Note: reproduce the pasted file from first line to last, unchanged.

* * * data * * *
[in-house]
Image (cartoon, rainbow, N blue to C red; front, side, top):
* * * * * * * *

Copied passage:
[in-house]
Image (cartoon, rainbow, N blue to C red; front, side, top):